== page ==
This is a chapter of Kings and Things: First Stories from English History by Henrietta Elizabeth Marshall.
After the Angles and Saxons and Jutes had finished all their Conquerings and got nearly all the south of Britain and changed it into England, and become Good Christians, they thought they’d rest a bit and have some Peace and Quiet. But it just didn’t happen like that. For across the Sea there were more fierce Wild Men called Danes. They were all Heathens and just as fierce and wild as the Angles and Saxons had been when they first came Conquering and before they had learned some Manners and how to Behave Properly.
Just as the Romans had done, these Wild Danes heard that England was a fine Rich Country. So they said: “Come on. Let’s go and get some gold and silver and things.”
Then they got into their Long Boats and came dashing over the Sea to England. When they got there, they just killed some people, stole everything they could lay hands on, set fire to the houses, and dashed away again. They didn’t come like the Romans to teach people anything, or like the Saxons to find New Homes. They came just for the Fun, it was like an Outing or a Weekend Party for them.
Over and over again the Danes came, and more and more of them came. When they wanted things, they just came to England and took them. It was just like Going Shopping, only they didn’t pay. Then some of them said: “What’s the good of going backwards and forwards across the Sea? England is a fine Country, let’s stay.”
So they stayed. They turned some of the English out of their homes and treated them like Dirt beneath their feet and were Very Proud and Haughty.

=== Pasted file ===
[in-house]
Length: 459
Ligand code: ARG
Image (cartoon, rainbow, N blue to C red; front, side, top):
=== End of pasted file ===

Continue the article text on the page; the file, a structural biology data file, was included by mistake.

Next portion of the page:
But the English didn’t take it all quietly. “These Danes are a Perfect Nuisance,” they said, “we must Do Something.” So they got out their swords and things and fought like anything. There were lots and lots of battles, and lots and lots of Danes got killed. But it didn’t seem to make much difference, for more and more came sailing over the sea.
So it went on for years and years. Ever so many Kings one after the other came to the throne and ruled and died. They all fought against the Danes, but none of them managed to get rid of them altogether.
At last, the English got a very clever King called Alfred, and he said to himself: “This has got to Stop. I will not have these Danes coming and Conquering and Plundering.”
So he gathered all his men together and fought a great Big Battle. The English fought and fought until there was only about One Man left Standing. And when there’s only One Man left Standing you can’t go on fighting, so Alfred went away and lived in a Cowman’s cottage till he could Think Things Out. And he said to the Cowman: “Don’t tell anyone who I am, for I don’t want the Danes to know till I’ve Thought Things Out.”